This is clearly a huge step for the Asian American female community and Nakase has made it clear that she will be ready for whatever comes her way. We certainly can’t wait for this talented woman to become the first female NBA head coach.
In 2012, basketball star Jeremy Lin lived the ultimate underdog story. As the then-23-year-old rose from obscurity — one minute, he was worried his short-lived NBA career was over, the next minute, he was on the cover of Sports Illustrated with the headline “Against All Odds” — Lin became more than an international sports hero. He embodied the hardworking Asian American icon that had been discriminated against and underestimated his entire life and was finally getting his opportunity to show the world what he could really do.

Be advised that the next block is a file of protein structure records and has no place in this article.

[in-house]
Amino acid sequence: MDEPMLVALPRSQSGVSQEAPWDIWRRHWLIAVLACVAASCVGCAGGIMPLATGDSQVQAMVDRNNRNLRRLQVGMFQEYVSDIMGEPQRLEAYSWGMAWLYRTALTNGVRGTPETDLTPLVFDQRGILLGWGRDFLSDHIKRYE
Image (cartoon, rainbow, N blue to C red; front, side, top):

While his February 2012 streak caught everyone (including Lin himself) off guard, no one could have been more excited than the film team led by director Evan Jackson Leong, who happened to be shooting a documentary about Lin at the time. Leong had started production on the film back when Lin was a senior at Harvard university. Lin remembers, “I figured, worst case, we’d have someone compile all this footage and make a cool story, and maybe I’ll be able to show it to my kids and my grandkids one day.”